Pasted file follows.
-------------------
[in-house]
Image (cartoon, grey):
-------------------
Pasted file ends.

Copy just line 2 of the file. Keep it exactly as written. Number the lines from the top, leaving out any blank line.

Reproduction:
Image (cartoon, grey):